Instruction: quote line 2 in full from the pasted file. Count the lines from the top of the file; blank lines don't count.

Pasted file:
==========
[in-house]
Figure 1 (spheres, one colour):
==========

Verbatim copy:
Figure 1 (spheres, one colour):